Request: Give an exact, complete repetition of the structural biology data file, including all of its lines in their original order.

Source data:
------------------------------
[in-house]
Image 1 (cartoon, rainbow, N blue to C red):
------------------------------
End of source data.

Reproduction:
[in-house]
Image 1 (cartoon, rainbow, N blue to C red):